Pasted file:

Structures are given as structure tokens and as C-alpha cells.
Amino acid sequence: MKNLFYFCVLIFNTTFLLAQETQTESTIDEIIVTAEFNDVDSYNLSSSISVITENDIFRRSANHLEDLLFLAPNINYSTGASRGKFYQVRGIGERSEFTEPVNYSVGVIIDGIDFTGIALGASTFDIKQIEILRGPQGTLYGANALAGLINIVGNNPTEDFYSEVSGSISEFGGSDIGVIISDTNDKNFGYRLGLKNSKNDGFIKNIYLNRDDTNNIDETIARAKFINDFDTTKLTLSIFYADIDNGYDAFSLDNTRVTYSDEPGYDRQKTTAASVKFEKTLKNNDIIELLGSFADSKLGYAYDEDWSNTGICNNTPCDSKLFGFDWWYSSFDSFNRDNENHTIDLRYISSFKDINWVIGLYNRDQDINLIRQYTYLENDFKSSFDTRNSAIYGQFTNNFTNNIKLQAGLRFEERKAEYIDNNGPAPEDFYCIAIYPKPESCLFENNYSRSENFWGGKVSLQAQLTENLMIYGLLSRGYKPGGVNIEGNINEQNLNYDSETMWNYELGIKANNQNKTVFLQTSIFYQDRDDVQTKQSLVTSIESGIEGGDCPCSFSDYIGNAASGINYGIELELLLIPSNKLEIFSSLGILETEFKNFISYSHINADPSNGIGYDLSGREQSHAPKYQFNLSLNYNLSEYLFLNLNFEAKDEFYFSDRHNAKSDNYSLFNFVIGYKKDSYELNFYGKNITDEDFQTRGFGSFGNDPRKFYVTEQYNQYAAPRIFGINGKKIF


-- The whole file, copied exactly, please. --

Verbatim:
Structures are given as structure tokens and as C-alpha cells.
Amino acid sequence: MKNLFYFCVLIFNTTFLLAQETQTESTIDEIIVTAEFNDVDSYNLSSSISVITENDIFRRSANHLEDLLFLAPNINYSTGASRGKFYQVRGIGERSEFTEPVNYSVGVIIDGIDFTGIALGASTFDIKQIEILRGPQGTLYGANALAGLINIVGNNPTEDFYSEVSGSISEFGGSDIGVIISDTNDKNFGYRLGLKNSKNDGFIKNIYLNRDDTNNIDETIARAKFINDFDTTKLTLSIFYADIDNGYDAFSLDNTRVTYSDEPGYDRQKTTAASVKFEKTLKNNDIIELLGSFADSKLGYAYDEDWSNTGICNNTPCDSKLFGFDWWYSSFDSFNRDNENHTIDLRYISSFKDINWVIGLYNRDQDINLIRQYTYLENDFKSSFDTRNSAIYGQFTNNFTNNIKLQAGLRFEERKAEYIDNNGPAPEDFYCIAIYPKPESCLFENNYSRSENFWGGKVSLQAQLTENLMIYGLLSRGYKPGGVNIEGNINEQNLNYDSETMWNYELGIKANNQNKTVFLQTSIFYQDRDDVQTKQSLVTSIESGIEGGDCPCSFSDYIGNAASGINYGIELELLLIPSNKLEIFSSLGILETEFKNFISYSHINADPSNGIGYDLSGREQSHAPKYQFNLSLNYNLSEYLFLNLNFEAKDEFYFSDRHNAKSDNYSLFNFVIGYKKDSYELNFYGKNITDEDFQTRGFGSFGNDPRKFYVTEQYNQYAAPRIFGINGKKIF